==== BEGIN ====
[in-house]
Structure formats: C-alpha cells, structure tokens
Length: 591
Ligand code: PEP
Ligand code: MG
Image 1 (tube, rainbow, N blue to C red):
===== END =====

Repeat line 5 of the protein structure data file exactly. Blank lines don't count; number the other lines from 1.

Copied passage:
Ligand code: MG